Message from the CEO
Message from the CEO
What enables us to create these results?
Firstly, our local staying power. For decades, SNV has been present in countries in Asia, Africa, and Latin America. We speak the local language. We have partnerships with local governments, enterprises, and civil society. Our local knowhow helps us to customise our approaches to what works in each of the countries where we work.
Our diverse staff of over 1,200 professional staff have deep subject knowledge in agriculture, energy, and WASH. Our expertise in some areas has long been recognised. We support agricultural value chains. We kick-start biogas markets. We help rural communities to stop open defecation. In the past year we have deepened our expertise in other areas such as urban sanitation, climate resilience, nutrition, and off-grid electricity. This report presents our results in established and emerging fields.
Smart development requires integrated approaches. SNV’s 2017 turnover was €108 million. I am confident that our total impact is much more than the sum of our individual projects. The real value of our work is where our teams come together in villages, districts, and countries. Creating youth employment is one exciting way we work across sectors.
SNV is a learning organisation. I am excited that this annual report reviews our support to local private sector development. Over the years, we have built our appreciation of how value chains work in agricultural production and in service delivery. We apply our knowhow on behaviour change and demand creation to clean cooking, rural sanitation, and nutrition teams. We help local firms to develop business models. We help poor people gain access to finances so they can pay for products and services. This boosts a sense of ownership and sustainability, and avoids subsidies.
Also, we shine a spotlight on result based financing to help develop small and medium-sized enterprises to deliver sanitation and energy services to the poor.
I joined SNV in January 2018. One reason I joined is our ability to adapt. Indeed SNV has reinvented itself several times in our 52 year history. The continuous growth in our order intake, which reached €194 million in 2017, shows that SNV has positioned itself as a go to development organisation. I am looking forward to working with the other members of the Managing Board and colleagues across the globe. We will consolidate this progress, to step up on implementation, and to continue to evolve in the future.
Meike van Ginneken, Chief Executive Officer
On behalf of the Managing Board
Members of a rice cooperation told us how SNV helped them to increase their income through modern farming techniques. Also, both female and male farmers passionately told us how household and community dialogues had helped families to share household tasks, and control over income.
That same afternoon, we visited the Vice-chair of Provincial People's Committee. He told us how the provincial authorities have scaled up a microfinance scheme for female entrepreneurs, originally set up by SNV in the early 2000s.
By 2005, the project had benefitted 11,500 women entrepreneurs. Since project close, a multitude of that number have benefitted from the scheme.
SNV in 2017
6.4 million lives improved in 2017
6.4 million lives improved in 2017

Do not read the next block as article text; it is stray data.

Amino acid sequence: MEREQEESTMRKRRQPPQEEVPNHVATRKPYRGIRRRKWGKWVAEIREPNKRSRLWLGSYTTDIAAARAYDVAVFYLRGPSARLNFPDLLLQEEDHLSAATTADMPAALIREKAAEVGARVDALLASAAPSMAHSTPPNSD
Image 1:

In 2017, SNV helped to improve the lives of 6.4 million people by developing and implementing locally-owned approaches. Our impact went well beyond these direct beneficiaries as we improved markets for the poor and strengthened governance systems.
SNV Sectors & Activities
1.4 million people benefitted directly through increased income in over forty value chains around the globe.
Examples:Horticulture CambodiaDairy Kenya
Sustainable nutrition for all
175,000 people benefitted from improved food access and nutrition security.
Example: Nutrition Uganda-Zambia
The livelihoods of 162,000 people became more climate resilient.
Examples:Water for Agriculture KenyaShaded Cocoa Ghana
"I’ve shared my learning from the project with my neighbours and my relatives who want to be rich. I’ve followed guided practices that I learned for my farm even if I’ve not received any direct support from the project this year.”
72,000 people gained access to a bio-digester.
Examples:Biogas VietnamBiogas Scale-Up Ethiopia
532,000 people gained access to electricity.
Examples:RBF for Solar Markets TanzaniaSolar Mini-grid Zimbabwe
198,000 people gained access to clean cooking.
Example: Market Acceleration Clean Cookstoves Mekong
"Nowadays I can cook in the main house on the gas stove and I don’t have to inhale the thick, damaging smoke as often. Also, I can cook breakfast quickly for my school going child, saving time in the morning.”
We helped 2.9 million people gain access to sanitation while 1.9 million people commenced handwashing with soap. Example: Sustainable Sanitation & Hygiene for All
Stepping up on city-wide urban sanitation
We focus on a mix of on-site and off-site sanitation services. Examples: Pro-poor Market-based sanitation in Bangladesh WASH SDG Programme
Leveraging the private sector
We helped 680,000 people gain access to basic drinking water supply services.
Example: PPP Water Service Mali
“Since we started implementing the Sustainable Sanitation & Hygiene for All in the District with SNV, we have not had any sanitation related disease outbreak in the last four years.”
Results-Based Financing (RBF)
Our role varies from being the service provider ourselves and being paid incentives to managing RBF projects
and thus paying incentives to others after verification of results. Examples: RBF Pico-Solar Tanzania Sustainable Sanitation & Hygiene for All